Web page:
How much fun can you have seeing how the unimaginably rich live? The answer: A LOT.
I read Kevin Kwan’s Crazy Rich Asians more than a year ago and adored it. The story of Nick Young bringing his American-born Chinese girlfriend, Rachel, back to Singapore to meet his, ahem, “comfortably,” rich family introduced me to the multifaceted glory of insanely rich people. The end of the first book wrapped the story up so nicely the next two books didn’t really register with me. What is wrong with me?! If anything, the second and third book are even more fun to read than the first!
I picked up China Rich Girlfriend happy to find that nearly all of the characters were already old friends from Crazy Rich Asians. The second story opens with Rachel and Nick getting married. Even though Nick and his family are estranged, his mother is working to reconnect by finding Rachel’s long-lost (and long thought dead) father. When she discovers his identity she flies to interrupt the wedding and disclose his identity! And, for fans of Crazy Rich Asians, it will come as no surprise that all of this action happens in the first few chapters. The real quandary is how Rachel, her father, and his family will blend together. And, of course, there are all the other characters’ stories (Kitty and Astrid are back!) that keep the book at a wonderfully quick pace.
The third book opens with the news that Nick’s grandmother Ah Ma is on her deathbed. Nick is not alone in rushing home for a final goodbye. The whole family descends on Su Yi’s home. Some are them are there to see their beloved matriarch. Others are there to lay claim to the massive fortune. But there are more surprises in Su Yi’s story than yachts in the Singapore marina.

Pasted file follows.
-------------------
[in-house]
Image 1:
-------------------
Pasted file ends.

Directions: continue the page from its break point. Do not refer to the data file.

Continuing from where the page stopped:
The three books work so well together because Kevin Kwan has invested us in these characters. If you read the first book and enjoyed the adventures of the rich and not-at-all famous, you will enjoy the next two books. The magic of these books is how the author makes you care about almost all of these people even as they spend ten million dollars shopping in Paris. By providing us backstories, shifting perspective, and a healthy dose of cultural understanding, the author helps us understand these characters as people. It doesn’t make you feel sorry for them and their insane bank balances, but it does save you from feeling dirty or seedy watching their stories unfold. I know, I know! These aren’t real people. But, I don’t enjoy stories that focus on mocking or diminishing people to stereotypes. These books do neither. Also, I relished all of the footnotes that will simultaneously explain things to the reader and remind you that the author himself spent most of his childhood living among all of this craziness.
I have Serious Series Love for Crazy Rich Asians.
Tell me, please!
Have you read the books / seen the movie? What are your thoughts?